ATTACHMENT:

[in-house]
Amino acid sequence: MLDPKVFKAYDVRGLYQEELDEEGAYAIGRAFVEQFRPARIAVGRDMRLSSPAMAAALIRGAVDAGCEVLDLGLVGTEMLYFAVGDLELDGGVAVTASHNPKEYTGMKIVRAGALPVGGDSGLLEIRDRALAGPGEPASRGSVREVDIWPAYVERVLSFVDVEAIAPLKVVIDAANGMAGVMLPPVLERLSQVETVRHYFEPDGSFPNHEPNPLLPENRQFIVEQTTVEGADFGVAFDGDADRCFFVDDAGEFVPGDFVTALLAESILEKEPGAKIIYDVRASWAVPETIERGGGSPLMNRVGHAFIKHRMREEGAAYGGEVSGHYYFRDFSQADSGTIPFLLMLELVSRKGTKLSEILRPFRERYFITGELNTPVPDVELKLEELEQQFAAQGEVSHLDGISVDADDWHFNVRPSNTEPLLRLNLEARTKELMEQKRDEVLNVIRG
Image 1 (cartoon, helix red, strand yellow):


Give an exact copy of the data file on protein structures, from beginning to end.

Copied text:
[in-house]
Amino acid sequence: MLDPKVFKAYDVRGLYQEELDEEGAYAIGRAFVEQFRPARIAVGRDMRLSSPAMAAALIRGAVDAGCEVLDLGLVGTEMLYFAVGDLELDGGVAVTASHNPKEYTGMKIVRAGALPVGGDSGLLEIRDRALAGPGEPASRGSVREVDIWPAYVERVLSFVDVEAIAPLKVVIDAANGMAGVMLPPVLERLSQVETVRHYFEPDGSFPNHEPNPLLPENRQFIVEQTTVEGADFGVAFDGDADRCFFVDDAGEFVPGDFVTALLAESILEKEPGAKIIYDVRASWAVPETIERGGGSPLMNRVGHAFIKHRMREEGAAYGGEVSGHYYFRDFSQADSGTIPFLLMLELVSRKGTKLSEILRPFRERYFITGELNTPVPDVELKLEELEQQFAAQGEVSHLDGISVDADDWHFNVRPSNTEPLLRLNLEARTKELMEQKRDEVLNVIRG
Image 1 (cartoon, helix red, strand yellow):